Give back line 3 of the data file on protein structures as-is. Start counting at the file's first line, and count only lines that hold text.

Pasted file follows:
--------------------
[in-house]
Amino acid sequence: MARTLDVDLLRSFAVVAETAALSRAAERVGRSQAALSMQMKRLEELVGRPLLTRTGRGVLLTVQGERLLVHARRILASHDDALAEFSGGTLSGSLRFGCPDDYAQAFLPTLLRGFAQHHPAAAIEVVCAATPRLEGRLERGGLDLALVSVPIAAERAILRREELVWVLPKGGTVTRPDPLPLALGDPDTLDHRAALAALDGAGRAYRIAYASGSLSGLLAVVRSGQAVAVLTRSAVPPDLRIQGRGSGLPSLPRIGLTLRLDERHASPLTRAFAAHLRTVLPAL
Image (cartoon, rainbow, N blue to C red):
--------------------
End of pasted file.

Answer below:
Image (cartoon, rainbow, N blue to C red):